Women in Technology

A Dice Talent Community

Women in Technology Talent Community

A community for discussing issues related to women in technology. We’ll explore hiring and workplace issues, education and training, as well as organizations devoted to fostering women in science and technology.

Women in IT: The Landscape | Pioneers

Following this community adds its articles and discussions to My Tech Feed.

THIS DICE TALENT COMMUNITY SPONSORED BY:

Deloitte is where leaders thrive.

Deloitte is committed to hiring a diverse workforce that brings together people from all backgrounds, cultures and perspectives to help its clients and communities uncover solutions to complex issues. One way we demonstrate our intentions is through our Women’s Initiative, which we launched more than 20 years ago to retain, develop and advance our women professionals. We have also recently created a community for women pursuing careers in technology to help them learn more about Deloitte and connect with others who have similar interests.

In this collection of videos and slideshows, we offer the perspectives and experiences of women at different levels who work in our technology practice. You will also find information on Deloitte University – our learning and leader development facility – as well as the benefits we offer, our approach to work-life fit and support of our communities.

It is an exciting time to be a technology professional at Deloitte. Our practice is growing, fostering a culture of innovation that benefits our people, clients and communities.

The Latest From Dice

Shortage of Women in Tech Kills Productivity

KieferPix Shutterstock
In recent months, it’s become more apparent than ever that the culture inside many IT organizations isn’t welcoming to women. Whether the result of benign neglect or outright failure to call misogynistic behavior to account, the end result is that there are fewer women as a percentage of the IT workforce: a recent New York Times article reported that women hold only 25 percent of IT jobs, and that roughly half will eventually quit to pursue a completely different line… continue…

Women Gain in Video Game Jobs, Just Not Tech Roles

Women Creating Art for Games
The proportion of women working in game development is growing, though they’re more likely to occupy design-related roles than engineering jobs, according to the Orlando Sentinel. In part, the issue lies in the number of women who apply for the more technical positions: They’re far outnumbered by men. “The resumes are almost always predominantly male,” said Andrew Tosh, president of GameSim Technologies in Orlando. The Orlando area is home to a number of game-development companies, including EA Sports. Click here… continue…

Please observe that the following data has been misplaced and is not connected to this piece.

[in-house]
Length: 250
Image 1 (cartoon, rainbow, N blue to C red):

Adult Women Outnumber Teenage Boys Among Gamers

Assassin's Creed
More adult women play video games than boys 18 or younger, according to a new study by the Entertainment Software Association (PDF). That might come as a surprise to casual followers of the video-game industry, which relies on games seemingly tailor-made for teenage boys to fuel its burgeoning bottom line. Not only do women constitute 48 percent of everybody tapping away at a game controller, but the number of female gamers aged 50 and over jumped 32 percent between 2012… continue…

Tech Giants’ Diversity Reports Show an Industry Not Diverse at All

Diverse Hands Rawpixel
Last week, Apple became the latest tech company to issue a diversity report, following in the footsteps of Google, Facebook, Microsoft, Yahoo, and others. In a statement accompanying the data, Apple CEO Tim Cook voiced his displeasure about his firm’s makeup, which is overwhelmingly white and male: “I’m not satisfied with the numbers… They’re not new to us, and we’ve been working hard for quite some time to improve them.” Upload Your ResumeEmployers want candidates like you. Upload your resume.… continue…

Women in Tech Triumph in Kickstarter Funding

Kickstarter
Women outpace men when it comes to raising money for technology projects through crowdfunding sites such as Kickstarter, according to a new study by researchers at New York University and the Wharton School at the University of Pennsylvania. Jason Greenberg (NYC) and Ethan Mollick (Wharton/UPenn) chose 1,250 Kickstarter projects in five categories: games and technology, where founders were predominantly male; film, with an even gender distribution; and fashion and children’s books, both populated with more female founders and backers. They… continue…